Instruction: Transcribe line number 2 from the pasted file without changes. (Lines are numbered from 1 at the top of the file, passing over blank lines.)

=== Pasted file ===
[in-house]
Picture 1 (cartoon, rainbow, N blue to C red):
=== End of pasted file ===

Picture 1 (cartoon, rainbow, N blue to C red):